I'd also say that I find the Abercrombie and Fitch style for gay boys offensive as well - it promotes a kind of shame and a desire to "pass" as straight. If all the gay A&F-style bois were using it to undermine straight style and expose masculinity as a performance, then I would be all for it. But they're not. I also have to say that I love fem boys and butch girls because for me they are the true revolutionaries - they live it every day. And I also have to say that I don't mind being exoticized - it's kind of nice. I don't want to be normalized! This is the problem I have with the current state of the gay movement - it's not inclusive at all. It's very exclusive and lacks real diversity. So I have a greater problem with current gay politics than I do with a few TV shows.

NYFA Q: For more than a decade, people have been talking about the obsolescence of avant-garde film with the rise of video and digital technologies, and as a result of a sharp curtailment in the production of 8mm and 16mm cameras and film stock. Are you worried about the disappearance of the medium in which you've worked for 20 years? Or conversely, has digital technology made it easier to produce and distribute avant-garde film?

LB: Good question. Avant-garde is not medium-dependent. You have artists working in dead mediums exploring their potential, and you have others embracing the most current technologies and venues like the web. Mediums are vehicles for ideas and expressions. Look at how many times painting has been declared a dead medium, only to be resurrected in a new and fresh way.

NYFA Q: In the past few years, you've started to make large-format Iris prints of individual frames from your film De Profundis. What were some of the reasons - formal and conceptual - for shifting into a different medium?

LB: The process driving the print project is a hybrid one, an organic result of my formal experimental film methods and my interest in translating moving images into a seemingly static medium. The Iris prints push translation into a more painterly medium while maintaining a trace of the original photographic image. This new form mirrors my film production, which involves contamination and transgression both in the chemical process originally set into motion and in combining frames - mimicking the effect of the "splice." The detail and complexity of each frame is revealed in this presentation, allowing the viewer to study individual frame-images and to contemplate the alluring space that disappears in the cinematic experience.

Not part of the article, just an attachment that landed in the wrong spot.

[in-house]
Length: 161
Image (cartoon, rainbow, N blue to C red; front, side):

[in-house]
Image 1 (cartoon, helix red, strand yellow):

NYFA Q: You're the executive director of the Buffalo, NY-based CEPA Gallery. Do you find that being immersed every day within an art world milieu makes it easier to go home and do your own work? Harder? Logistically, is it difficult to find time for your own work given the responsibilities of a demanding day job?

LB: To have a life in this culture that's totally immersed in art is quite a luxury, and I'm learning to appreciate it. Yes, it has made it more difficult to produce complex films, but I've managed to create the large-format prints from my last film and I'm exhibiting them. And every day I go to work and produce important gallery exhibitions and raise funds for artists to create new work. I have also been given the opportunity to be a steward of a very important arts organization and to ensure its success and keep it alive and serving its mission. It's a good and hard life, but one lived with honor. And I get to work with artists every day. It really doesn't get any better than this!

Through Artists & Audiences Exchange, the public service component of the NYFA Fellowship, Lawrence Brose will be giving a talk with Chris Burnett at the Visual Studies Workshop Gallery in Rochester, NY on April 21, 2004, from 6-7 pm. The talk will accompany an exhibition of Brose and Burnett's media art on view at the gallery from March 5-May 15. For more information, please contact the Visual Studies Workshop at 585.442.8676 or visit www.vsw.org.